The cloud-native newcomers are reaching consumers on their digital and mobile devices with propositions tailored to their interests. They then harness the latest payments and logistics technologies to rapidly close the sale and deliver the goods. Retail's digital transformation has become an object lesson in how newcomers armed with disruptive technologies can completely overturn the established order of a mighty industry.
But many of the traditional bricks-and-mortar retailers are still powerful brands and they're fighting back. As they do so, they are turning to the same technologies as their next-generation competitors. Investments are growing fast in mobile and e-commerce, in predictive analytics and in more agile cloud-native platforms to support an omni-channel strategy. According to a study just released by 451 Research, retail is boosting its spending on cloud storage faster than any other industry. Rather than succumbing to cloud-borne competitors, the industry is looking to cloud computing as its savior.
No easy transition
This isn't an easy transition for organizations already heavily invested in technology that dates from a different era. Home shopping retailer Shop Direct is on a multi-year path to move its entire computing infrastructure to the cloud. "These things are never pain free," says its CEO for financial services Neil Chandler.
Retail is no different to other industries, we all have legacy infrastructure that was architected to be fit for purpose at that point in time, when it was all about what went on within your own four walls.
Cloud computing is not nirvana, but it makes it easier to respond quicker to changing consumer behaviour.
Upmarket grocery chain Whole Foods Market, which has 431 stores and 91,000 employees in the US, Canada, and the UK, didn't want to stay with "technology that hasn’t been updated in decades" says executive vice president and CIO Jason Buechel. Instead the retailer is teaming up with enterprise software vendor Infor to "co-create what we hope will be the next-generation retail merchandising solution." Naturally it's a cloud-based system:
We’re really excited about this plan to leverage modern architecture, open source and the cloud to support our business in a whole new way.
The focus of the new system is better data analytics, bolstered by Infor's recent acquisition of retail data analytics specialist Predictix. This will have impact across category management and merchandising, pricing and inventory management, as well as adding new depth to the product detail Whole Foods provides to customers. The cloud is what makes this possible, says Buechel.
One of the key things is, the platform is really going to be focused on having one source of the truth for all product information artefacts. The cloud is going to bring that to fruition — the computing power and capacity for us to do that.
Talking up omni-channel
A new generation of born-in-the-cloud software vendors are eager to step in and help retailers make this transition. Cloud-native ERP vendor NetSuite talks up its omni-channel capabilities based on a long-standing fusion of e-commerce with back-office ERP, along with more recent acquisitions of retail specialists Venda and Bronto. According to NetSuite's CEO Zach Nelson, the cloud offers a straightforward value proposition for established retailers:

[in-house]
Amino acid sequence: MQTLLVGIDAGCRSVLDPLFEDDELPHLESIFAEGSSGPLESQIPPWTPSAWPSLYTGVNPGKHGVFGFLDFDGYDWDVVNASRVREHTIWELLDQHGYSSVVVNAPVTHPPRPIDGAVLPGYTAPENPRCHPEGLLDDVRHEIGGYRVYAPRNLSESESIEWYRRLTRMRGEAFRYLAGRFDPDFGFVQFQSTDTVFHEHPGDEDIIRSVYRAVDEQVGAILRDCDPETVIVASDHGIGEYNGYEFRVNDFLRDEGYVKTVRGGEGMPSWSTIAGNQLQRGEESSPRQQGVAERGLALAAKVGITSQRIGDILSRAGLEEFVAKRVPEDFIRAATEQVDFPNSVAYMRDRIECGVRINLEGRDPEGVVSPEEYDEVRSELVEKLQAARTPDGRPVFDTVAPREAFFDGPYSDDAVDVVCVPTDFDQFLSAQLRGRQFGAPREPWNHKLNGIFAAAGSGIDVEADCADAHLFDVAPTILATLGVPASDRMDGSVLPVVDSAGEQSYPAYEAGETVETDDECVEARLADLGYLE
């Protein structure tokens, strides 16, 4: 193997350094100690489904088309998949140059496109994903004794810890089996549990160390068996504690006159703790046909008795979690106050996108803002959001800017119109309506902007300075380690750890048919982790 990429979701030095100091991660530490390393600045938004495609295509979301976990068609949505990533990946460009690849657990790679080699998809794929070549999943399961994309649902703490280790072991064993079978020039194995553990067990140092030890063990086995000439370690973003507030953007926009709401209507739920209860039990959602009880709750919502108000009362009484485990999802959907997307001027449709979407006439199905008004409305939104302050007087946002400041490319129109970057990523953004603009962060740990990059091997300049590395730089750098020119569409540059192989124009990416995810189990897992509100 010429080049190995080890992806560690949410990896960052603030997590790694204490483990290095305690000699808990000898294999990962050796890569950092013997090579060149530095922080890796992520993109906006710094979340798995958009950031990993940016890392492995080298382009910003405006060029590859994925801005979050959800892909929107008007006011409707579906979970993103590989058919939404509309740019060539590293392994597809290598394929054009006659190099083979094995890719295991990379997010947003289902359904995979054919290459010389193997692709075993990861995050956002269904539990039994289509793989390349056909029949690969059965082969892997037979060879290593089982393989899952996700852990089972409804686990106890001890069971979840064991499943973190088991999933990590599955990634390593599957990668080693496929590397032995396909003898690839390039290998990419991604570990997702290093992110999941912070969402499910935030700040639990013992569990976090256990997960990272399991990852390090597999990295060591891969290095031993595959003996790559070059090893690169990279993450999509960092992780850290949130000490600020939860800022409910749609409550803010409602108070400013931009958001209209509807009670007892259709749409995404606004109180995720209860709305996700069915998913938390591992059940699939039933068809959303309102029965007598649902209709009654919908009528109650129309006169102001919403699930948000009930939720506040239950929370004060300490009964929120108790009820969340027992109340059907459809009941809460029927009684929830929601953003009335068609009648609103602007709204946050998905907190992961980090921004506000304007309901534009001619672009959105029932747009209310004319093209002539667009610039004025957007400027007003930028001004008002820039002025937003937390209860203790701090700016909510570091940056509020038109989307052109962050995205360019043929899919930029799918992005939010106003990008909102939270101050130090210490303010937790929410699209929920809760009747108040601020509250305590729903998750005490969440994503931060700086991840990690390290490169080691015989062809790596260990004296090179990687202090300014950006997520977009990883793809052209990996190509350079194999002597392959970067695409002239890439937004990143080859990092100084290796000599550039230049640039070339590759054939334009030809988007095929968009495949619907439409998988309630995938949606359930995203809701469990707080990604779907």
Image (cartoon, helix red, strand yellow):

All the large retailers platforms are ancient, giant hairballs. There’s no way they can respond to the new ways that customers want to interact.
The reason the retail market is so nervous is that it is being disrupted in the same way that every other cloud computing market has been — by the upstarts who come out of nowhere. It’s their old infrastructure that’s going to kill them.
Salesforce's head of retail Shelley Bransten pushes a similar message, asserting that "Amazon has scared a lot of people." But she adds that it's not just about putting in new technology — retail organizations must change the way they operate, too.
It’s not just about investing in digital, ultimately you have got to have your inventory and supply chain organised in a way that is seamless, so that if someone wants to place an order online and pick up in store, it actually goes deep into some of the systems of record.
And so the more progressive retailers are not only investing in digital, but they are starting to put systems of engagement on top of those systems of record silos.
Certainly there are plenty of examples of retailers adding cloud infrastructure or SaaS applications alongside their existing on-premise IT. But as shown by the examples of Whole Foods Market, working with Infor to collaboratively create a cloud-based solution, or Shop Direct, which IBM is helping to move to the cloud, there are plenty of other examples where retailers are moving entirely to the cloud — in these examples aided by vendors with their own legacy history.
Indeed, every software vendor with a stake in the retail sector, whether that's Epicor, IBM, Infor, Oracle, SAP or others, has the option of cloud migration built into their roadmap. Retailers have to assess how soon and how thoroughly they need to make that move. In terms of reach to mobile consumers, agility to change and the capacity to process very large volumes of data, cloud has the edge. It is becoming the platform of choice for retailers, but getting there is no walk in the park.